On Thursday, Tanaka threw his first bullpen season since being hit in the head.
And what was Yankees manager Aaron Boone’s assessment?
“Threw all his pitches with really good intensity,” Boone told reporters. “I was really encouraged by what I saw today.”
Earlier this week, Tanaka described the experience. “I think we’re taking the necessary steps to get there,” Tanaka said. “This whole thing is kind of a day-by-day process.”
When the season begins next week, Tanaka will likely miss a start before the Yankees go through their second turn in the pitching rotation.
Since then, he’s had time to reflect on what happened at Yankee Stadium.
“I’m never able to see other pitchers in the same situation get struck in their head or anything like that. I mean, that kind of frightens me,” Tanaka was quoted as saying through an interpreter earlier this week, according to MLB.com. “But for some reason, I’m able to see myself get struck in the head by a ball. I don’t know why. It’s kind of weird.”
Discussing the matter further, he said: “I feel very lucky because it could have been something that’s much worse. Right now, I have no symptoms at all. I’m able to get back in all the training, so I think I feel very fortunate in a very unfortunate event.”
Seattle’s Hirano tests positive for COVID-19
Seattle Mariners reliever Yoshihisa Hirano has tested positive for COVID-19, he informed Kyodo News on Tuesday, July 14.
The 36-year-old pitcher was placed on the injured list on the same day.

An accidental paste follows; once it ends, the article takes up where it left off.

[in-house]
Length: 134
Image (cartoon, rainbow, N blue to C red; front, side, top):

Hirano pitched for the Arizona Diamondbacks for the past two seasons. He compiled a 9-8 record with a 3.47 ERA for the National League Club, including a 5-5 record with one save in 62 games last season.
Hirano tested positive for the coronavirus on June 25. He tested negative on July 6. According to MLB protocol, a player needs to test negative twice in order to be cleared to play again.
“[After the onset of symptoms] I just focused on healing my body,” Hirano told Kyodo News. “I couldn’t go anywhere or do anything because of the risk of passing it on to people around me.”
King Kohei Targets Individual Glory at Delayed 2020 Games
Many people consider Kohei Uchimura the greatest gymnast of all time.
King Kohei captured the men’s all-around title at seven straight world championships from 2009 to 2015. He also stepped up in the pressure-packed environment at the 2012 London Games and 2016 Rio de Janeiro Olympics, claiming the prestigious prize both times.
What’s more, International Gymnast Magazine has praised his “combination of tremendous difficulty, supreme consistency and extraordinary elegance of performance.”
Uchimura didn’t qualify for the 2019 world championships due to shoulder injuries. And younger stars, including Kakeru Tanigawa and Hidetaka Miyachi, have stepped into the spotlight, anxious to be labeled the sport’s new king.
In June, Uchimura started working out again at the National Training Center in Tokyo’s Kita Ward.
So does Uchimura, who turned 31 in January, still have one more magical performance left?
He’s stated publicly that he’s no longer focused on the grueling all-around competition. Instead, Uchimura decided in February that he’s targeting Olympic gold in one event: the horizontal bar (also called high bar).
As Jiji Press reported on Friday, July 17, Uchimura has been forced to simplify his approach to gymnastics due to physical ailments. Uchimura noted that he’s endured physical pain “from the neck down.”